One more one-pot dinner? Actually, we’ve got 11, and between the range of cuisines and styles, we’re willing to wager you’ll find something you haven’t made before—or at least a new version you’ll love.
Some dishes, as in 20 minute Steamed Mussels with Chorizo and Fennel, are lightening fast; while others take longer, but are well worth the wait. Whether it’s France’s one-pot take on roast chicken or Nigerian jollof, all of these dishes are well worth your time.
Coming together in just 20 minutes, this is an impressive meal that you can make on a weeknight, or for last minute guests. Fresh mussels and Spanish chorizo (our favorite brand is Palacios) are essential to the dish’s smoky character.
This classic Cuban dish of shredded beef with tomatoes, onions and bell peppers, often accented with the briny olives, translates as “old dress,”a reference to the tattered look of the shredded, slow-cooked meat. We prefer flank steak for its rich, meaty flavor and unique muscle structure.
There is very little prep here, and most of the cooking is hands-off. Cooking the chicken breast side down allows the delicate white meat to gently poach in the wine while the legs bake up above, a technique that helps equalize the cooking of the white and dark meat.
For our take on the Nigerian jollof, a one-pot rice dish, we use nutty, fragrant basmati rice seasoned with paprika, curry powder and thyme. To ensure the rice cooks evenly, use a large skillet with a tight-fitting lid.
The combination of spicy, garlicky soba noodles and dark green kale yields a hearty, one-pot vegetarian meal here. We like using a buckwheat-wheat blended soba noodles, but any variety will work. Add a sunny-side up egg for good measure.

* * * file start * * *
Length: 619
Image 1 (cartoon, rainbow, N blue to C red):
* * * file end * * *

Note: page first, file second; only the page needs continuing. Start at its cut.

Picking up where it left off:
This simplified spin on a Goan staple gets brightness from ginger, lime juice and spices. Split red lentils cook in minutes, making this a quick weeknight meal, while coriander, fennel and turmeric contribute complex spicing without requiring half the spice cabinet.
For this one-pot meal inspired by Zuni Cafe’s Judy Rodgers, we cook pasta in a minimal amount of water, concentrating the starch in it to help thicken the sauce. Be sure to avoid pre-grated Parmesan; it typically is too coarse and won’t blend well with the sauce. Also look for a good-quality ricotta cheese without stabilizers.
This dish is a brilliant weeknight dinner for a few reasons. One, soba noodles cook up really quickly. Two, you probably have all the ingredients lying around (that, or they’re easy to find). Three, it employs a great tip for cooking asparagus evenly. Dunk the rough stalks in water first before plunging the whole spear, and you won’t overcook the head.
This one-pot white bean stew is thick and savory, and spiked with bright notes from fresh and pickled tomatoes, pomegranate molasses and a handful of mint. It’s our version of an everyday meal—a staple in the buffets laid out in Istanbul’s lokantas (workmen’s restaurants)—but it is revered as a national dish, just as much as kebab.
Palestinian maftoul, a pasta similar to pearl couscous, inspired this quick and easy one-pot meal. The wheaty flavor and aroma of the couscous is greatly enhanced by toasting until the seed-sized bits are richly browned before they're cooked pilaf-style.
Sauerkraut, kielbasa and Yukon Gold potatoes simmered in a tomato- and paprika-enriched chicken broth yield a hearty, satisfying one-pot meal. If you don't have hot paprika, substitute 1¼ teaspoons regular paprika plus ¼ teaspoon cayenne pepper. Serve with thick slices of buttered rye or pumpernickel bread.